AMC Exam Information
What are the AMCs?
The American Mathematics Competitions (AMC) are a series of examinations and curriculum materials that build problem-solving skills and mathematical knowledge in middle and high school students.
The AMC program leads the nation in strengthening the mathematical capabilities of the next generation of problem-solvers. Through classroom resources and friendly competition, the AMC program helps America’s educators identify talent and foster a love of mathematics. The program positively impacts the analytical skills needed for future careers in an innovative society.
If you are interested in participating in the AMC exam this year please fill out this Google Form with your information.
AMC 8 Information
The AMC 8 is a 25-question, 40-minute, multiple choice examination in middle school mathematics designed to promote the development of problem-solving skills.
The AMC 8 provides an opportunity for middle school students to develop positive attitudes towards analytical thinking and mathematics that can assist in future careers. Students apply classroom skills to unique problem-solving challenges in a low-stress and friendly environment.
AMC 10/12 Information
The AMC 10 and AMC 12 are both 25-question, 75-minute, multiple choice examinations in high school mathematics designed to promote the development and enhancement of problem-solving skills.
The AMC 10 is for students in 10th grade and below, and covers the high school curriculum up to 10th grade. Students in grade 10 or below and under 17.5 years of age on the day of the contest can take the AMC 10.
The AMC 12 covers the entire high school curriculum including trigonometry, advanced algebra, and advanced geometry, but excluding calculus. Students in grade 12 or below and under 19.5 years of age on the day of the contest can take the AMC 12.
The AMC 10/12 provide opportunities for high school students to develop positive attitudes towards analytical thinking and mathematics that can assist in future careers. The AMC 10/12 are also the first in a series of competitions that eventually lead all the way to the International Mathematical Olympiad.
Math Challenge Opportunity
Bethlehem Central Middle School’s mathematics program reflects a balanced approach to developing students’ conceptual understanding, computational proficiency, and problem-solving skills.
The Accelerated Mathematics Program at Bethlehem Central allows students to study mathematics in a challenging and stimulating environment. The courses have been designed to be both engaging and exciting and the program encourages students to use their creative and critical thinking skills.
Accelerated Math Program (Math 6X)
Students entering grade 6 have a wide range of mathematical reasoning skills and knowledge; therefore, offering appropriate math experiences are crucial as students move through the progression of concepts leading to high school mathematics. In an effort to place each student in the sixth-grade math course that will offer the appropriate level of challenge, the middle school offers an Accelerated Math Program in addition to the Traditional Mathematics Program.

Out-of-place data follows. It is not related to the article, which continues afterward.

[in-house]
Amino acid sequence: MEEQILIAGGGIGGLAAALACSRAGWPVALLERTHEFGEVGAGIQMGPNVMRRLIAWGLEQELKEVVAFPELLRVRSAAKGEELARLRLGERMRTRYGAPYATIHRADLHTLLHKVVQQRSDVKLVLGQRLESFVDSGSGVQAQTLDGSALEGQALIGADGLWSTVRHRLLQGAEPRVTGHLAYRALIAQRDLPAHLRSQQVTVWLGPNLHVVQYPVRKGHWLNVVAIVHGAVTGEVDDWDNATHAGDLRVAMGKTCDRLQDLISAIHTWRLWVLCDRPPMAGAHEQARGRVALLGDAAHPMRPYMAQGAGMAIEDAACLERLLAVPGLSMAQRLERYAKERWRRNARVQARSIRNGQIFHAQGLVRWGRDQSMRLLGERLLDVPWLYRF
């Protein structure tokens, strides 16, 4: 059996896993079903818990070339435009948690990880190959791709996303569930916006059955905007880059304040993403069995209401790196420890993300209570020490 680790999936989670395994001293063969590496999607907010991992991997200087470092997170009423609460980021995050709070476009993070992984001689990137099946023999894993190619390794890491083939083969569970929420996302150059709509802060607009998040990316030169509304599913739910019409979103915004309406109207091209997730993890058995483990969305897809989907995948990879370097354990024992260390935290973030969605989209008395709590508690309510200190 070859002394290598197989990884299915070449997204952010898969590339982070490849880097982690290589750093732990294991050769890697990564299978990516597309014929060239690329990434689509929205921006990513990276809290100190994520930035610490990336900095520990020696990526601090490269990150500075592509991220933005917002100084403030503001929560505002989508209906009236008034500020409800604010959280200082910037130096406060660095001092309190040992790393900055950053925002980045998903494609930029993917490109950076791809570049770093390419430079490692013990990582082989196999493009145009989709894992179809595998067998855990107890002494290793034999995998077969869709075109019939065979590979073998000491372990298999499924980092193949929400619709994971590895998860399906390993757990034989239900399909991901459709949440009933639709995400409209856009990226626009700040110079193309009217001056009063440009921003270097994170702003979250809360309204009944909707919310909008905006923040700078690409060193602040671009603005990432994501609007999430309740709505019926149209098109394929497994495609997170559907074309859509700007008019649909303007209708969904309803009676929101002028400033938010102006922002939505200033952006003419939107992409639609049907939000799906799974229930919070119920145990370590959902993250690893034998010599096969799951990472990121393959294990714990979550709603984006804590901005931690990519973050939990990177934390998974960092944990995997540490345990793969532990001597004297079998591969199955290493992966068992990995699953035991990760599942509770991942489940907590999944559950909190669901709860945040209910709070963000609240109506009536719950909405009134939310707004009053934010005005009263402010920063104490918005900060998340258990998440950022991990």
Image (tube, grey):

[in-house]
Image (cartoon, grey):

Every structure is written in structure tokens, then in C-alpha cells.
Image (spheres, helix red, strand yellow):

The Accelerated Math Program exposes students to concepts at a faster pace and content is above the traditional sixth grade-level. Students should be prepared to move through and apply concepts at a rapid pace. The continued placement in the accelerated program is contingent upon students maintaining a high level of performance.
It is expected that a student will maintain marking period averages of at least 80% and that no two marking period averages fall below 85%.
Failure to meet these expectations will result in a student’s removal from the program. At the conclusion of the school year, students will be ranked using the following metrics: Final Average, Final Exam Grade, and 3 i-Ready Diagnostics. Students ranked in the top 10% will be considered for placement in the Double Accelerated Math Program.
Challenge Program (Math 6 or Math 7)
The procedure for a student completing a Challenge Program is an intensive process that involves middle school students learning the content of the material not covered in the Traditional Mathematics Program. By accelerating, a student winds up missing out on one full year of math education. In order to be successful in the accelerated program, the student must learn the material that was not part of their grade level education by using an artificially intelligent assessment and learning system known as the ALEKS computer based program. They must complete this work on their own and maintain at least an 85 average throughout the program. All coursework must be completed no later than June 21 of the school year.
At the conclusion of the school year, school administrators perform a holistic review of each student’s i-Ready Diagnostic Tests, i-Ready Placement Level and the completion of ALEKS program with at least an 85 average for students to successfully complete the challenge process.